Taxpayer-funded Malawi Human Rights Commission (MHRC) has faulted President Peter Mutharika for his recent ‘firing’ of officers from the public service, arguing some were done in “a manner that did not meet the requirements of procedural and substantive justice”.
MHRC has since urged the President to desist from actions seen as politically motivated in dealing with appointments and dismissals of public officers.
In a statement published yesterday, MHRC said Mutharika’s recent appointments and dismissals, in particular those at the Malawi Revenue Authority (MRA) where the commissioner general and his deputy were both replaced, raise serious human rights implications and threatens the integrity of the public service.
The President replaced MRA commissioner general John Biziwick with Ralph Kamoto who had just been hired as chief executive officer for the Malawi Energy Regulatory Authority (Mera). Biziwick’s deputy, Crispin Kulemeka, has been replaced with former MRA director of policy planning Roza Mbilizi.
Mutharika fired the two public officers despite still having substantial length of time to serve under their contracts. For instance, Biziwick’s contract was running up to May 30 2016.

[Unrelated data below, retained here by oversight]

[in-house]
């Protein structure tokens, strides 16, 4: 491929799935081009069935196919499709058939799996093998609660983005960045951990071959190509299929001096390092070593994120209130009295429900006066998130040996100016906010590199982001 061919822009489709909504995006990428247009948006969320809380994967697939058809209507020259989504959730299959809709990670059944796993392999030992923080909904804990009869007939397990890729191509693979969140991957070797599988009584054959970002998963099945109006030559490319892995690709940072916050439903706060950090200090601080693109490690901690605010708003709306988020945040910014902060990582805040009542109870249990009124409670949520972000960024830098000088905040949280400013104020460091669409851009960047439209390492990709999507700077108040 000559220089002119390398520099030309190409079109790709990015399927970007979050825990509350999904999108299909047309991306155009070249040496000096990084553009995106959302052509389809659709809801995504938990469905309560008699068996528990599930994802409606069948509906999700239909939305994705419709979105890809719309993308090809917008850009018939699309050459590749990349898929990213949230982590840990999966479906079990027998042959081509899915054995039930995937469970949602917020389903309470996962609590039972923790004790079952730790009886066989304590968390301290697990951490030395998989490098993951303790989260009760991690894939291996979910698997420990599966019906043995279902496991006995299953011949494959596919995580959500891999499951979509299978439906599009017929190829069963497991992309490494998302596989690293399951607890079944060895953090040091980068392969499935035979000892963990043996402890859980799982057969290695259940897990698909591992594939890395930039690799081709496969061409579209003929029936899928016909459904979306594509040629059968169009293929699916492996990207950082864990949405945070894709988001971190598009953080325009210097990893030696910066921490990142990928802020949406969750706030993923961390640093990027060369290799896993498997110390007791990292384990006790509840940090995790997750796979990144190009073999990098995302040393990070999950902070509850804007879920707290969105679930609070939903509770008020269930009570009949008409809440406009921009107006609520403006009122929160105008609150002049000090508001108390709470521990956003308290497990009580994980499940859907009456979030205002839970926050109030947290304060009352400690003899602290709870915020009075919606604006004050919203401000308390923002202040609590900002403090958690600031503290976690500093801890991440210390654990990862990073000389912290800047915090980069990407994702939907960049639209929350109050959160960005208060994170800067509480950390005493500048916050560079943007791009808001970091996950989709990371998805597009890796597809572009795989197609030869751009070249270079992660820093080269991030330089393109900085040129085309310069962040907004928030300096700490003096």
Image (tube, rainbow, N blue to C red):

In the statement signed by its chairperson Sophie Kalinde, MHRC said the trend was a replica of the dismissals and removals of officers from public offices under the previous administrations which resulted in commencement of lawsuits by the concerned individuals and payment of hefty sums of money by government as compensation.
“The commission reiterates the position it took in 2012 on this trend that the dismissals and removals of public officers from office in this manner raises serious implications for human rights guaranteed in sections 43 and 31 of the Constitution of the Republic of Malawi on the right to administrative justice and fair labour practices, respectively,” said MHRC, adding that such dismissals are seen as politicisation of the public service and public office.
The commission further recalled that previously many officers from public institutions such as MRA, Malawi Broadcasting Corporation (MBC), the Anti-Corruption Bureau (ACB), among others, have often found themselves subject to non-meritorious as well as unprocedural and unlawful removals from office on the change of government from one political party to another.
The commission has since called on the Democratic Progressive Party (DPP) government to demonstrate total commitment to the translation of the rhetoric to the public service reformation into reality.
During his campaign and after taking office following his victory in the May 20 Tripartite Elections, Mutharika told Malawians that appointments and removals of public officers and leaders of other accountability institutions shall be on merit through a special public appointments committee, but just two months down the line the President has fired dozens of senior public servants and replaced them with his favoured individuals.